A steroid combo to beat back septic shock, delirium in COVID-19 patients, and hospital adherence to ventilator standards during the pandemic were examined in studies at the Society of Critical Care Medicine (SCCM) virtual Critical Care Congress.
No One-Two Punch for Septic Shock
A single-center study found that adding fludrocortisone to hydrocortisone did not increase the number of shock-free days in patients with septic shock.
There is controversy over whether to treat these patients with hydrocortisone alone or with add-on fludrocortisone, explained Kayla John, PharmD, of University of North Carolina at Chapel Hill, and studies have found conflicting results in terms of mortality and shock reversal.
John and colleagues conducted a retrospective, propensity score-weighted cohort study that tracked 212 patients, ages 18-89, who were treated in a hospital ICU from 2015-2020 and diagnosed with septic shock. Patients “were included if they received ≥200 mg/day hydrocortisone for at least 24 hours, [with or without] fludrocortisone, initiated within 72 hours of vasopressors,” the researchers reported.
Among 111 patients who received hydrocortisone alone and 101 who received hydrocortisone-fludrocortisone, there were no statistically significant differences between shock-free days over 14 days (6.3 days vs 6.1 days, respectively, P=0.781) or in-hospital mortality (46.7% vs 52.2%, respectively, P=0.477). John’s group also found no difference in other outcomes such as length of stay in hospital and ICU, duration of shock, and change in Sequential Organ Failure Assessment score.
However, the authors noted that on day 7, there was a significant difference between the two groups in terms of maximum daily vasopressor doses versus days 1-6 (0.00 vs 0.1 NEeq P=0.03).
Still, “These results suggest that the addition of fludrocortisone to hydrocortisone may not shorten the duration of shock, and use of hydrocortisone is adequate,” John said, although she added that more research is needed.
Delirium and a COVID-19 Surge
Delirium rates among patients at one ICU grew during the 2020-2021 COVID-19 surge compared to the same period a year earlier, researchers reported.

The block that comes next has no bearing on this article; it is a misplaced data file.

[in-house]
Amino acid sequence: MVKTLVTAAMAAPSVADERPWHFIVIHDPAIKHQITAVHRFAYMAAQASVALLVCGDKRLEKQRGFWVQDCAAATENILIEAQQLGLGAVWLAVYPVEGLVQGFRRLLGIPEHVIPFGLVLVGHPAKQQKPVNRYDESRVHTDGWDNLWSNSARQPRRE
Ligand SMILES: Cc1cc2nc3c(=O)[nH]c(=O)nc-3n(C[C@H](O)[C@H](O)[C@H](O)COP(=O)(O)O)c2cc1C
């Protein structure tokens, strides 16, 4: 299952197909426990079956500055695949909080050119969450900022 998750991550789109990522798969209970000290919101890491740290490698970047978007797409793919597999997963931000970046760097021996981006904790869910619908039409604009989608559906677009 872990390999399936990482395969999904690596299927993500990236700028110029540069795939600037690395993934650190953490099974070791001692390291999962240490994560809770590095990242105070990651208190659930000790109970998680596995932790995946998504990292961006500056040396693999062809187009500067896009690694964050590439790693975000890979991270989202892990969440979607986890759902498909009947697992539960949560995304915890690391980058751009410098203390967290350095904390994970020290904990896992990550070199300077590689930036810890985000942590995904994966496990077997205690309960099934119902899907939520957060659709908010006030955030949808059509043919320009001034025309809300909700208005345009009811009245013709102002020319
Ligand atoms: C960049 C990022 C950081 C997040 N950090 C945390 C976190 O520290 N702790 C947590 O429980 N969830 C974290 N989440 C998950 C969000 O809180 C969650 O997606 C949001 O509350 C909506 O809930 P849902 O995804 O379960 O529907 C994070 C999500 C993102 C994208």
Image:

Kelley Chilson, PsyD, a clinical psychology fellow at Geisinger Medical Center in Danville, Pennsylvania, and colleagues compared ICU delirium rates from November 2020-January 2021 in patients (n=not stated) with COVID-19 and respiratory failure, to the same period in 2019-2020.
The rate of delirium was higher in each month during the COVID-19 surge:
- 52% in November 2020 vs 35% in November 2019
- 59% in December 2020 vs 42% in December 2019
- 69% in January 2021 vs 39% in January 2020
“It is likely that known risk factors for ICU delirium are magnified in patients with COVID-19, including greater illness severity, prolonged illness course and time on mechanical ventilation, heavy sedation use, prolonged immobilization, and isolation from staff and family members due to visitation restrictions,” the researchers wrote. “Factors unique to COVID-19 also increase the risk for delirium. These include the systemic inflammatory response linked to COVID-19, the occurrence of thrombotic events and microvascular insults, and multi-organ failure.”
A 2022 BMC Psychiatry study linked higher rates of delirium in patients with COVID-19 to older age and more severe disease.
Better Survival with Ventilator Guidelines?
In the first 14 months of the COVID-19 pandemic, only 50% of 2,021 patients at 55 hospitals in an international registry received treatment with guideline-based ventilation strategies for COVID-19-related acute respiratory distress syndrome (ARDS), researchers reported.
In addition, in the period from February 2020-April 2021, hospitals that were most likely to offer guideline-based care — specifically, those in the highest quartile by this measure — had lower mortality rates than those in the lowest quartile (risk-adjusted odds ratio 0.5, 95% CI 0.2-1.1, P=0.06), according to Michael Garcia, MD of Boston Medical Center, and colleagues.
They retrospectively tracked whether patients at hospitals in the SCCM VIRUS COVID-19 registry received guideline-recommended care, “defined as low tidal volume (low Vt), plateau pressure (Pplat) < 30 cmH2O, and prone position for PaO2:FiO2 ratio (P:F) < 100.”
“Given the significant mortality risk associated with COVID-19 ARDS, there is room for improvement in implementation of guideline-recommended ventilator strategies,” Garcia’s group stated.
John, Chilson, and Garcia disclosed no relationships with industry.